Eiji Kitahama is an upperclassman who longs to have a harem like the ones he sees in the comics he reads, while Rin Nanakura (who secretly likes him) plays a different "character" with a unique personality whenever she's around him. What path will the romance of these two drama club members take? And will Rin ever be able to act like herself and convey her feelings for him?!
This manga has short chapters, so you could breeze through a bunch of chapters really easily. It doesn't have incredibly deep characters, but it doesn't really need them anyway, because it's one of the most adorable things I've ever seen. It's got all the joys of a harem anime, but without themes of echi or character overshadowing that tend to show up in harem anime and drive some potential fans away. Think "Itadaki! Seieki?", but... ya' know... without the h3ntai. It's a good read if you are in the mood for something cute, relatable, short, and sweet.
Pseudo Harem is like your favorite slightly-expensive treat; a wonderful, short experience that just leaves you smiling afterwords. The last 2-3 chapters before the ending delve into some light melodrama that seem to have turned off a lot of other fans but imo the other 127 are sweet and charming enough that I personally didn't mind. This manga left me smiling and laughing from start to finish and I highly recommend it to anyone who just wants something nice to read for a little while. Also, the chapters are hella short, so you can devour it all in big chunks or just idly nibble at it here and there if you prefer.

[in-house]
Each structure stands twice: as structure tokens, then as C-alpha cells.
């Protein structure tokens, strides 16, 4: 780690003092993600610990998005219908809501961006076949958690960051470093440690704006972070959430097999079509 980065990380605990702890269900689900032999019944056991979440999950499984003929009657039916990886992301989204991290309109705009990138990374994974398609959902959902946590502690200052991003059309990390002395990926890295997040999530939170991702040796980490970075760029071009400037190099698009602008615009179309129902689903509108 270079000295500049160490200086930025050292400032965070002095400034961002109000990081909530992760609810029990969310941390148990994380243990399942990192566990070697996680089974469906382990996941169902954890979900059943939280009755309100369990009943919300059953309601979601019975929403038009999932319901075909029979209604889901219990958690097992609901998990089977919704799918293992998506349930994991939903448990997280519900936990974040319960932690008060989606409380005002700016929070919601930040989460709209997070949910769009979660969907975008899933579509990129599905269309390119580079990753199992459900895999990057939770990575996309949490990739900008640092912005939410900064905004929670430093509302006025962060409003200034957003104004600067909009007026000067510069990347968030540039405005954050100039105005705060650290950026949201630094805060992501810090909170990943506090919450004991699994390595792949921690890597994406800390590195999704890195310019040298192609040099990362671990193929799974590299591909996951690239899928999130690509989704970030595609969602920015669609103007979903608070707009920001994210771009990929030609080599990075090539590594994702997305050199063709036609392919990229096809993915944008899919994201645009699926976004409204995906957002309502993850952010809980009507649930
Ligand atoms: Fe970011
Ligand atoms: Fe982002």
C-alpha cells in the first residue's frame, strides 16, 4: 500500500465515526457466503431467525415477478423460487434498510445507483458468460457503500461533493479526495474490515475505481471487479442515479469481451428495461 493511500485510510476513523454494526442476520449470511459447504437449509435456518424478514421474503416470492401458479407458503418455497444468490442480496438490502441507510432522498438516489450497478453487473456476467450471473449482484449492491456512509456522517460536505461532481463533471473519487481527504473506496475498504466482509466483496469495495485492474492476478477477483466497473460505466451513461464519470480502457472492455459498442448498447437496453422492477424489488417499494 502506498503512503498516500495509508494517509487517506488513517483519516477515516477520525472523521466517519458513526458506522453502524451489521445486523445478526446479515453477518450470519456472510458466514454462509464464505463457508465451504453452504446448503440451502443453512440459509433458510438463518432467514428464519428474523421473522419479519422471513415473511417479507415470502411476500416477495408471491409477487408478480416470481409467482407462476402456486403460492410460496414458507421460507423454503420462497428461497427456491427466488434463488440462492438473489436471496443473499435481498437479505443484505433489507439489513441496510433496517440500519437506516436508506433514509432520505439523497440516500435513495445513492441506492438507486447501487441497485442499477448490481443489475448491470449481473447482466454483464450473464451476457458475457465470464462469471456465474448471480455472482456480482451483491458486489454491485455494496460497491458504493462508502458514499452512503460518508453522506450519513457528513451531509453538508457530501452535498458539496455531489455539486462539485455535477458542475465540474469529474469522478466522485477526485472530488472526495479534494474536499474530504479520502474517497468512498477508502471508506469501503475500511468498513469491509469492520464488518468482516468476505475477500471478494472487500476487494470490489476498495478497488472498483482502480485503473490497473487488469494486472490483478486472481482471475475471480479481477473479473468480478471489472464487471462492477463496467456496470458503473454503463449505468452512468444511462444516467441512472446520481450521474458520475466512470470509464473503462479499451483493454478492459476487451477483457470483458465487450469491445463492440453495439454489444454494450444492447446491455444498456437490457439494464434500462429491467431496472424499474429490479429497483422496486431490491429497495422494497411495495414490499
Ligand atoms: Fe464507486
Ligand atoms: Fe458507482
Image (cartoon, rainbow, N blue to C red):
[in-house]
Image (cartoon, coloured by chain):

Going into this, I was expecting(/almost hoping) that there would be a large number of personas attempted. Like, a new one each chapter type of large number. But, it's basically just four: Cheeky (appears in 21% of the installments), Tsundere (20%), Cool (14%), and Spoiled (17%). There are a few other roles that are played (including Yandere), though the Little Sister and Modest personas are the only other ones that ever appear more than once. Many installments include multiple of the personas appearing in quick succession, often with any given persona only showing up for a single panel. The basic idea is that Nananaka plays around with these roles as a way to mask feir feelings for Kitahama. Feir true personality is flustered and embarrassed and laughs heartily. As the romance developed and Nananaka became more comfortable being femself around Kitahama, fe stopped relying so heavily on the personas and started using them less often. Perhaps realizing that the trajectory was leading to the pseudo-harem eventually phasing out entirely, the author threw in a forced plotline from installments 110-117 that brought it back stronger than ever before. And perhaps that storyline wouldn't have felt so forced if there weren't previous instances where Nananaka clearly viewed the personas as something that hampered feir own chances at romance--like when fe insisted that fe would be the one who would accompany Kitahama on a date and not any of feir personas, or when fe said that a certain persona wasn't available at the moment. I appreciate how their relationship actually has some development and how time actually passes. There is a decent amount of standalone installments that are just playing on their dynamic, especially earlier on, but there is also a sense of continuity and some multi-installment storylines later on. I appreciated that Megu, the friend, was basically uninterested in their romance. I thought the short film idea was an interesting way to include some flashback sequences. I don't find the art very good, even moreso in the earlier parts. I think the author was using this doujinshi as a way to practice drawing classic cute-girl facial expressions. The way the ending has Kitahama say that fe'll catch up to Nananaka is just stupid--why would fe have to catch up to fem for them to be together?
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